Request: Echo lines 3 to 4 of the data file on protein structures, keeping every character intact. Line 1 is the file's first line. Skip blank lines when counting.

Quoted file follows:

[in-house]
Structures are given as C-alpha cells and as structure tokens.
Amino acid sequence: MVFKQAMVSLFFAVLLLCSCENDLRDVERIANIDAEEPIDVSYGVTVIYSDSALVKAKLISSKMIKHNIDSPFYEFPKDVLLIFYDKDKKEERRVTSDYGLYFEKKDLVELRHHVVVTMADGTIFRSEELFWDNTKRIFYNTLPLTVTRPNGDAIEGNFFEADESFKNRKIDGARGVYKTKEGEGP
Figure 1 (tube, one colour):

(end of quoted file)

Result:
Amino acid sequence: MVFKQAMVSLFFAVLLLCSCENDLRDVERIANIDAEEPIDVSYGVTVIYSDSALVKAKLISSKMIKHNIDSPFYEFPKDVLLIFYDKDKKEERRVTSDYGLYFEKKDLVELRHHVVVTMADGTIFRSEELFWDNTKRIFYNTLPLTVTRPNGDAIEGNFFEADESFKNRKIDGARGVYKTKEGEGP
Figure 1 (tube, one colour):